A Dirty Debt Deal: Biden Blasted for Backing Fast-Track Approval of Mountain Valley Pipeline

As lawmakers push through the bipartisan deal to raise the debt limit, it is being called a “dirty debt ceiling deal” by opponents because it includes language meant to speed completion of the Mountain Valley Pipeline. The controversial $6.6 billion pipeline would go through Virginia and West Virginia and carry 2 billion cubic feet of fracked gas across more than a thousand streams and wetlands in Appalachia.

Free Julian Assange: Noam Chomsky, Dan Ellsberg & Jeremy Corbyn Lead Call at Belmarsh Tribunal

Former British Labour leader Jeremy Corbyn, Pentagon Papers whistleblower Daniel Ellsberg and famed linguist and dissident Noam Chomsky joined others earlier this year calling on President Biden to drop charges against Julian Assange. The WikiLeaks founder has been languishing for over four years in the harsh Belmarsh prison in London while appealing extradition to the United States. If he is extradited, tried and convicted, Assange faces up to 175 years in jail for violating the U.S.

Memorial Day Massacre: Chicago Cops Killed 10 During 1937 Steel Strike, Then the Media Covered It Up

We look at the largely forgotten 1937 Memorial Day Massacre, when police in Chicago shot at and gassed a peaceful gathering of striking steelworkers and their supporters, killing 10 people, most of them shot in the back. It was a time like today, when unions were growing stronger. The workers were on strike against Republic Steel, and the police attacked them with weapons supplied by the company. The tragic story is told in a new PBS documentary.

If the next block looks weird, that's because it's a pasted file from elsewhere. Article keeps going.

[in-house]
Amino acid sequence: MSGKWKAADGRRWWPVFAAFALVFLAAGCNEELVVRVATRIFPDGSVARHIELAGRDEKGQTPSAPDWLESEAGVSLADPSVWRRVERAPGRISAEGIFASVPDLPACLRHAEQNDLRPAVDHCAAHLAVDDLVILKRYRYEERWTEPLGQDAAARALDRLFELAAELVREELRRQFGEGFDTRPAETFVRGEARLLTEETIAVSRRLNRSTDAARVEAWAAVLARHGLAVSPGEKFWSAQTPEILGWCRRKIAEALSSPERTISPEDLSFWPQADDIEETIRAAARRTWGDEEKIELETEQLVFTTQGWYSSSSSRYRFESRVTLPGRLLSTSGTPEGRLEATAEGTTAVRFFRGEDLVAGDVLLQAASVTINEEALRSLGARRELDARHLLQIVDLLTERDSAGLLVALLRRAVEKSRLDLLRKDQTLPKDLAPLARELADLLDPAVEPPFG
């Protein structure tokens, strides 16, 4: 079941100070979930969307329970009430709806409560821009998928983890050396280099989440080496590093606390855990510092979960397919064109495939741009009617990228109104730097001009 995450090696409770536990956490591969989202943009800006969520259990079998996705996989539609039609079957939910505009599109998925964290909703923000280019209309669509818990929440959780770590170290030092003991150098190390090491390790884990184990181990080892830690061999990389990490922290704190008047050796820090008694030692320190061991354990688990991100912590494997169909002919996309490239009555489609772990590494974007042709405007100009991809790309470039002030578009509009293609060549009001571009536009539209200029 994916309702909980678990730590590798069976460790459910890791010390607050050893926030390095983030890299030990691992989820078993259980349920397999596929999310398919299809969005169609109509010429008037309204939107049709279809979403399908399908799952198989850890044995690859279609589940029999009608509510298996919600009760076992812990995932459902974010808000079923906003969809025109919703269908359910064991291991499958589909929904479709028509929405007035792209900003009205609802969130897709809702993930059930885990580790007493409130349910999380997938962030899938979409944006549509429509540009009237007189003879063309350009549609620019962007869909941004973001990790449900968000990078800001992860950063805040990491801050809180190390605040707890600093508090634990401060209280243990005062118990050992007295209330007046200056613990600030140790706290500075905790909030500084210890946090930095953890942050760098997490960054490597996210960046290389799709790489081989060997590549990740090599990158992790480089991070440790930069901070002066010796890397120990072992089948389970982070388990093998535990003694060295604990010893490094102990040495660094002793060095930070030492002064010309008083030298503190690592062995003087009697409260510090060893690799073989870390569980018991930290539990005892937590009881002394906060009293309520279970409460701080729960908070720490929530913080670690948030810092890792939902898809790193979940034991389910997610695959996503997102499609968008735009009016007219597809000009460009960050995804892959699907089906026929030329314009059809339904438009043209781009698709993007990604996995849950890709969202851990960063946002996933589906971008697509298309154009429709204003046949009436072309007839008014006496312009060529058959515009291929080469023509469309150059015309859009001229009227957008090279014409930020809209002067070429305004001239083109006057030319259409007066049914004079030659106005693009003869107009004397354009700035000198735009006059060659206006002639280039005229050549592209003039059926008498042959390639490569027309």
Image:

The Culture War Within the Debt Debate

This is an edition of The Atlantic Daily, a newsletter that guides you through the biggest stories of the day, helps you discover new ideas, and recommends the best in culture. Sign up for it here.Over the weekend, President Joe Biden and House Speaker Kevin McCarthy agreed on a bill to raise the debt ceiling. If the bill passes the House Rules Committee vote today, then House Republicans will vote on it later this week.

The Most Compelling Female Character on Television

The last time we saw Happy Valley’s Catherine Cawood, she was trying—and quite magnificently failing—to capture one of her police-force colleagues, the nebbishy John Wadsworth, who’d finally been implicated in the murder of his lover. The pursuit is a bleak comedy of errors: Directed by her superiors not to pursue John down train tracks, Catherine mutters “bollocks” and follows him anyway. The pair end up on a bridge in relentless rain.

The Trees Don’t Care About Us

Silent observers of our lives, trees are on most peoples’ radar only at moments of transition or death: We mark springtime’s budding and autumn’s flamboyance; note somberly the tree felled by a storm or by the tiny, ravenous ash borer. Although emblematic of nature, they nonetheless are seen with the goggles of our human-centered vision, and thus barely seen at all.